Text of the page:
Philosophy of religion – just like ethics, metaphysics, etc. – has no alternative but to appeal to the same often non-decisive, vague theoretical virtues in its self-assessment. These are the basic norms or standards for judging an attempt to answer a philosophical question posed by religion.

Some philosophers of religion add some special, domain specific norms that are supposed to govern theorizing in the philosophy of religion, analogues of which are not generally taken to hold in other parts of philosophy. So, philosophers of religion are supposed to have failed to do their job unless they approach their questions with an absolutely open mind, with no preconceptions about what the answer will be, in a state that is as close to suspension of belief as possible. Or they are supposed scrupulously to avoid affirming any particular religious doctrine in their work, always only exploring the internal coherence of a set of religious beliefs (although perhaps one might be allowed to say a few negative things, like “These doctrines are internally incoherent, and so cannot be true”). Those who fail to abide by the second norm are said to have taken the fatal plunge into theology. And it’s very important to draw a sharp line between philosophy of religion and theology (or so they say). Those who fail to abide by the first norm do not address religious questions with a sufficiently open mind; they are in serious danger of merely engaging in apologetics (far worse than slipping into theology). I accept neither the “no apologetics” norm nor the “no theology” norm as definitive of good philosophy of religion.

I think the no apologetics norm is unrealistic and unfair. We do not apply its analogue in other areas of philosophy that are no less fraught with disagreement and even danger; and it’s no easier to apply, and no more important to apply, when it comes to religion. I do not expect the Kantian ethicist to hold her view lightly, nor do I believe every utilitarian who does good work defending himself against Kantians must always be poised on a razor’s edge between the two views. Why not, though? After all, there is deep disagreement here about large-scale ethical theories.

The no apologetics norm, in practice, is an instance of what van Inwagen calls “the difference thesis”: Plantinga and Grünbaum are supposed to be flouting a norm for good philosophy of religion if they are not each easily persuadable by the other. But Korsgaard and Singer are not regarded as bad ethicists, even though we know that they are not each equally likely to trade views with the other whenever they read one another’s work. Openness to argument, to being wrong, is indeed a virtue. Being able, sympathetically, to get into the shoes of those with very different beliefs and values is a virtue. These virtues will help the philosopher to get to the truth. But the Cartesian project of suspension of all belief is a fantasy; and religion is not the one special little province where it applies. At least I have seen no good reason to accept that it is.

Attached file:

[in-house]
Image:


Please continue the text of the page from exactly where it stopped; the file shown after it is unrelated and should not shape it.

Some are determined to use “apologetics” as a term of abuse, so that it means, in effect, “arguments for religious doctrines that are put forth by someone who doesn’t care how good they are, but only intends to persuade”. I should rather call that “sophistical apologetics”, and allow that the word “apologetics” applies just as well to the philosophical apologia of someone like Pascal, who cared very much whether his philosophical arguments were good. Using “apologetics” with an invariably negative connotation reminds me of the way “dualism” is now often used to mean “an illegitimate distinction between two things”. Both are abuses of perfectly good words for rhetorical purposes. A dualistic theory of electrical charge, according to which it comes in positive and negative varieties, is just the truth about charge; Columbus rejected dualism about the ocean to the east of Africa and the ocean to the west of Africa, but he was wrong. Just like some dualisms are true and some false, some apologetics is good and some bad – depending upon the quality of the argumentation. When the arguments are philosophical ones, the apologetics is also an example of philosophy of religion.